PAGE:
In And We Ate the Leopard, Margaret Baker Wente describes the unusual story of her family's life in the Belgian Congo (now the Democratic Republic of Congo) catching marauding leopards, surviving serious malarial attacks and helping a hunting and fishing people gain the knowledge to join the modern world. Living in the jungle without electricity or neighborhood grocery stores demands pioneer ingenuity. Messages come by drum beat; canoes and bicycles provide the usual transportation; mail from the States takes three months to arrive. The mission steamboat Oregon spreads the gospel and provides transportation up and down the river for the mission.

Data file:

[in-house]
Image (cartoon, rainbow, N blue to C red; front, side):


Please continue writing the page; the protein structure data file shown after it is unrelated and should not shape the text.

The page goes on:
Gradually educated Congolese assume positions of responsibility. With independence in 1960, the new Congolese government proves unable to control its rampaging army. The Bakers must be evacuated by the United States Air Force after serving twenty-eight years.